Twitter has removed labels describing global media organizations as government-funded or state-affiliated, a move that comes after the Elon Musk-owned platform started stripping blue verification checkmarks from accounts that don’t pay a monthly fee.

Among those no longer labeled was NPR in the U.S., which announced last week that it would stop using Twitter after its main account was designated as state-affiliated media, a term also used to identify media outlets controlled or heavily influenced by authoritarian governments, such as in Russia and China.

Twitter later changed the label to “government-funded media,” but NPR — which relies on the government for a tiny fraction of its funding — said it was still misleading.

The Canadian Broadcasting Corp. and Swedish public radio made similar decisions to quit tweeting. CBC’s “government-funded” label vanished Friday, along with the state-affiliated tags on media accounts including Sputnik and RT in Russia and Xinhua News Agency in China.

Many of Twitter’s high-profile users Thursday lost the blue checkmarks that helped verify their identity and distinguish them from impostors.

Twitter had about 300,000 verified users under the original system, many of them journalists, athletes and public figures. The checks used to mean that the account was verified by Twitter to be who it says it is.

High-profile users who lost their blue checkmarks Thursday included Beyoncé, Pope Francis, Oprah Winfrey and former President Trump.

The costs of keeping the marks range from $8 a month for individual web users to a starting price of $1,000 monthly to verify an organization, plus $50 monthly for each affiliate or employee account. Twitter does not verify the individual accounts, as was the case with the previous blue check doled out during the platform’s pre-Musk administration.

Celebrity users, from basketball star LeBron James to author Stephen King and “Star Trek’s” William Shatner, have balked at joining — although on Thursday, all three had blue checks indicating that the account paid for verification.

King, for one, said he hadn’t paid.

“My Twitter account says I’ve subscribed to Twitter Blue. I haven’t. My Twitter account says I’ve given a phone number. I haven’t,” King tweeted Thursday. “Just so you know.”

In a reply to King’s tweet, Musk said, “You’re welcome namaste,” and in another tweet he said he’s “paying for a few personally.” He later tweeted that he was paying only for King, Shatner and James.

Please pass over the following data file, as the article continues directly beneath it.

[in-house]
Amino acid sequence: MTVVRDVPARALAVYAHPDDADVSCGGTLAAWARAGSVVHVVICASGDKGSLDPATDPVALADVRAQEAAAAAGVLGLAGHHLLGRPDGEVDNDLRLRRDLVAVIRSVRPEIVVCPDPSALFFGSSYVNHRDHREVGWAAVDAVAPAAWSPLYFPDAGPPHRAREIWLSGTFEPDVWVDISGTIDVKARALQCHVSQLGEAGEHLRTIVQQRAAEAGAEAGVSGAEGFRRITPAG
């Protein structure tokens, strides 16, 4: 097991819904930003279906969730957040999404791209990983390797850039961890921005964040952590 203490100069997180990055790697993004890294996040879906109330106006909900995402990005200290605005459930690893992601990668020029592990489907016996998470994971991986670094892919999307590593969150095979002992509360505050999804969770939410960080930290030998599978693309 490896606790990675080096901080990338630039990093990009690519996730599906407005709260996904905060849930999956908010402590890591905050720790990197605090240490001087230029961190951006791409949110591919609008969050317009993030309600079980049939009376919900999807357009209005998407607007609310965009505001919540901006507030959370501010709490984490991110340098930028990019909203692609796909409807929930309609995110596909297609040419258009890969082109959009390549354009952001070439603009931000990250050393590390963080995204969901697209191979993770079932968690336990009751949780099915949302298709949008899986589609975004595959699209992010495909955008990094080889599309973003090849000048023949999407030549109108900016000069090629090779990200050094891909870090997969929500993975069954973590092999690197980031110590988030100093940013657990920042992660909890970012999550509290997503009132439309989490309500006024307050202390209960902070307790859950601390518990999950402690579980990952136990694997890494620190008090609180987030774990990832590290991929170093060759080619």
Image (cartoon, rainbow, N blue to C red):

Singer Dionne Warwick tweeted earlier in the week that the site’s verification system “is an absolute mess.”

“The way Twitter is going anyone could be me now,” Warwick said. She had earlier vowed not to pay for Twitter Blue, saying the monthly fee “could (and will) be going toward my extra hot lattes.”

On Thursday, Warwick lost her blue check (which is actually a white checkmark against a blue background).

For users who still had a checkmark Thursday, a pop-up message indicated that the account “is verified because they are subscribed to Twitter Blue and verified their phone number.” Verifying a phone number simply means that the person has a phone number and they verified that they have access to it — it does not confirm the person’s identity.

It wasn’t just celebrities and journalists who lost their blue checks Thursday. Many government agencies, nonprofits and public-service accounts around the world found themselves no longer verified, raising concerns that Twitter could lose its status as a platform for getting accurate, up-to-date information from authentic sources, including in emergencies.

While Twitter offers gold checks for “verified organizations” and gray checks for government organizations and their affiliates, it’s not clear how the platform doles these out.

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